Editors' ChoiceHost-Pathogen Interactions

Scaffold for Infection

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Science Signaling  11 Jan 2011:
Vol. 4, Issue 155, pp. ec10
DOI: 10.1126/scisignal.4155ec10

Bacterial pathogens secrete effector proteins that take over the host cellular machinery to create conditions conducive to survival and proliferation. In a screen for effector proteins that alter vesicular trafficking through the general secretory pathway, Selyunin et al. found that expression of the type III effector EspG encoded by the enterohemorrhagic Escherichia coli (EHEC) O157:H7 inhibited exocytosis of ectopically expressed human growth hormone from HeLa cells. Fluorescently tagged EspG localized to the Golgi and induced fragmentation of this organelle. A yeast two-hybrid screen revealed that EspG interacted with the GTPases ARF1 and ARF6 (which are involved in vesicle transport) and p21-activated kinases (PAKs) 1, 2, and 3 (which are effectors for the GTPases Cdc42 and Rac1). In vitro binding assays indicated that EspG interacted with the ARF GTPase domain and with the Iα3 helix in the autoinhibitory domain of PAKs. In the crystal structure of EspG in complex with the ARF6 GTPase domain, EspG selectively engaged the switch I loop of GTP-loaded (but not GDP-bound) forms of ARF6, which enabled EspG to block access of ARF-GAP (GTPase-activating protein) to ARF6 and prevent GAP-stimulated GTP hydrolysis. The crystal structure of EspG in complex with the PAK2 Iα3 helix compared with that of the Iα3 helix in the autoinhibited PAK1 homodimer suggested that EspG binding disrupted the interaction of the kinase and autoinhibitory domains to allosterically activate PAK, a finding that was confirmed by kinase activity assays. The binding sites for ARF6 and PAK2 on EspG were distinct and nonoverlapping. ARF1GTP recruited EspG, which then recruited PAK2 to the membrane surface of Golgi mimetic liposomes. In HEK293A cells, transfected ARF1 and EspG colocalized at the Golgi, and a construct encoding fluorescently tagged PAK2 Iα3 helix colocalized with wild-type EspG but not with an EspG mutant unable to activate PAK2. The authors suggest that the artificial scaffold created by EspG enables the bacterium to subvert the ARF and PAK signaling pathways without interference from endogenous regulatory systems.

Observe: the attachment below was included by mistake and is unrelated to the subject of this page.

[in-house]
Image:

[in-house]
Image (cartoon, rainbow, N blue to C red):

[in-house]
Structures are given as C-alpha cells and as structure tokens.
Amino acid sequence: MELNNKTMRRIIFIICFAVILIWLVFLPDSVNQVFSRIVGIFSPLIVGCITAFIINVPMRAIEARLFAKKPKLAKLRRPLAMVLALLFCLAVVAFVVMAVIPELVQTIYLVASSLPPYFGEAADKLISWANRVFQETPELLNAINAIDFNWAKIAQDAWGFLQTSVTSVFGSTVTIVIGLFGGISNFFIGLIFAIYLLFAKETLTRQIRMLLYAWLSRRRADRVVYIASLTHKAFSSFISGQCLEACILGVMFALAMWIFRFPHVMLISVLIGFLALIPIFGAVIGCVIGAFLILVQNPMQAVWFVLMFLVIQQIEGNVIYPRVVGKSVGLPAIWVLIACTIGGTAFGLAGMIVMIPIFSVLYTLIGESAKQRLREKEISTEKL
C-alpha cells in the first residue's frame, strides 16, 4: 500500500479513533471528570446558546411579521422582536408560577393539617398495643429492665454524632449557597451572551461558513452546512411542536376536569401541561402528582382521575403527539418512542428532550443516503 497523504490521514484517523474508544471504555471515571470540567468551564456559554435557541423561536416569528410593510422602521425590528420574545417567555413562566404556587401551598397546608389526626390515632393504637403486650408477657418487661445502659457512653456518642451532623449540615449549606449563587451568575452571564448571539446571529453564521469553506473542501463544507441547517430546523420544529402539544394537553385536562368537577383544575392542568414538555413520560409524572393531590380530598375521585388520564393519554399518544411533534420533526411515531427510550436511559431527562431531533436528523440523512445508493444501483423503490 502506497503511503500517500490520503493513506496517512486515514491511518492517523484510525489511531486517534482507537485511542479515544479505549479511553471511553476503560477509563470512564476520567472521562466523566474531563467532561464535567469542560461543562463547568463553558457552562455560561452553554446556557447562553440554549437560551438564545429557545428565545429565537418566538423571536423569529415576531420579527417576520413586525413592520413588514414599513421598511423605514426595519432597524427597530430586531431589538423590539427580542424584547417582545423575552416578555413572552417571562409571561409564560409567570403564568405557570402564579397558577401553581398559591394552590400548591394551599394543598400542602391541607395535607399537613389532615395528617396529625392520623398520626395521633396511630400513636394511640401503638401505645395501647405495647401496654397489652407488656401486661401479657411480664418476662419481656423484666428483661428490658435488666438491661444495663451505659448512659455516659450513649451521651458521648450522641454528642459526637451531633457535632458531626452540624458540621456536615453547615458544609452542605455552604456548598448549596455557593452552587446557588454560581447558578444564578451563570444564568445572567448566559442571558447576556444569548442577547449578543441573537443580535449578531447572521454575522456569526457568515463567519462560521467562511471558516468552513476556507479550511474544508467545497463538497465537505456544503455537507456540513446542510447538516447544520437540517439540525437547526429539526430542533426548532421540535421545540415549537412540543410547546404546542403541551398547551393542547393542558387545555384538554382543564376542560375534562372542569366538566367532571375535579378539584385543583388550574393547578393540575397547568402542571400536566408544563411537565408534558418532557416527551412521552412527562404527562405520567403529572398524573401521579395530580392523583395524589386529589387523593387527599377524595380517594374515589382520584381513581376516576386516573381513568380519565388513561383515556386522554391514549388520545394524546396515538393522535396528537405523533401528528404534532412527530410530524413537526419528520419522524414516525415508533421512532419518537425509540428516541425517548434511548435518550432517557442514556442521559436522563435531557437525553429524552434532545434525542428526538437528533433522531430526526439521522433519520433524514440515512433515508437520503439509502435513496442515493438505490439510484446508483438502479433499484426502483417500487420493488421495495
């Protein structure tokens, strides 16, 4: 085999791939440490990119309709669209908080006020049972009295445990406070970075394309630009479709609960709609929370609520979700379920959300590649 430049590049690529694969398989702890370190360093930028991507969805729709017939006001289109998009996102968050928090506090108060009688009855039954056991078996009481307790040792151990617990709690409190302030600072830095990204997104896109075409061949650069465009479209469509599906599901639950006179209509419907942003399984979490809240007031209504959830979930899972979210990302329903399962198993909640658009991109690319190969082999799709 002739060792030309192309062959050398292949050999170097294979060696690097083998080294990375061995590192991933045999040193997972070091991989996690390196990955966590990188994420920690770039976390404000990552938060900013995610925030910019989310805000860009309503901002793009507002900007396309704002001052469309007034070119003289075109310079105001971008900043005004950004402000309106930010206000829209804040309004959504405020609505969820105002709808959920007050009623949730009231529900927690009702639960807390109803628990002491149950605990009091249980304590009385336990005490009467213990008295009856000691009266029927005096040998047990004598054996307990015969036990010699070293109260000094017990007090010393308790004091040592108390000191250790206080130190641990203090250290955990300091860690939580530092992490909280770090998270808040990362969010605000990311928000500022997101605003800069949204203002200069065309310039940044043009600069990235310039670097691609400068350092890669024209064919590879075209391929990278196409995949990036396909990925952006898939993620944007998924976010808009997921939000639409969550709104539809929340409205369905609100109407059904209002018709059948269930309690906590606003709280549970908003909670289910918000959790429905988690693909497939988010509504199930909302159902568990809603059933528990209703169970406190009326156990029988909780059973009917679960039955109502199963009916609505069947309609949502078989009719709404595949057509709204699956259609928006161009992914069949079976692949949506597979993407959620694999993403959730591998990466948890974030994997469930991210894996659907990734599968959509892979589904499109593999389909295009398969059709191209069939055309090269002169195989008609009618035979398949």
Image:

A. S. Selyunin, S. E. Sutton, B. A. Weigele, L. E. Reddick, R. C. Orchard, S. M. Bresson, D. R. Tomchick, N. M. Alto, The assembly of a GTPase-kinase signalling complex by a bacterial catalytic scaffold. Nature 469, 107–111 (2011). [PubMed]

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